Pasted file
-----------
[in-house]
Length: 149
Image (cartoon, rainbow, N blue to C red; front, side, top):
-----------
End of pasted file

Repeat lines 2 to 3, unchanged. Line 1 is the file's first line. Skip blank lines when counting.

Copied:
Length: 149
Image (cartoon, rainbow, N blue to C red; front, side, top):